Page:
We handle a fair amount of Probate. But one of the things I would be happy not to have to do any more is Intestate Probate. Intestate Probate is what we must do when someone dies without a Will. The two things that a Will does is: it names not only to whom things go (and eliminates the people who should not be beneficiaries) but also states who is in charge. That person in charge is typically called an Executor. An Executor has complete authority to manage the assets and disburse the assets, as directed by the Will. The court gives a lot of deference to the Executor unless there is evidence of fraud or negligence, and so the Executor is not easily hampered from his or her duties by contentious heirs. In contrast, in an Intestate Estate every heir is a beneficiary and any one of those heirs can ask to be the administrator or representative. Even worse, contentious heirs can, and usually do, make the job of the Executor or Administrator very difficult.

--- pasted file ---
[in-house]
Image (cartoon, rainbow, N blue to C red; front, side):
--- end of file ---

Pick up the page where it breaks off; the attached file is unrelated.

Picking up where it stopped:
People who think they will save money by not doing a Will naively assume everything will just go easily; and always say, “I have nothing to fight over.” Wrong! There is nothing simple about intestate probate. Every heir is a beneficiary, and there is always someone who fights over something and says the administrator is mishandling things. Because of that common occurrence, in an Intestate Estate the court requires a lot more documentation. Contentious heirs make a lot more work for everyone and increases costs and headaches. Typical costs in our office for simple probate is usually around $2,500, and the executor’s fees are usually low. But intestate probate is much more involved, more difficult, takes longer, and our fees alone are usually closer to $5,000. If the court appoints a third party administrator then their fees are often quite high. So intestate probate is far more than double the price of paying for a simple Will plus the cost of regular testate probate combined!
There is one New Year’s resolution everyone needs to do: get a current and properly executed Will. It is the gift that keeps on giving.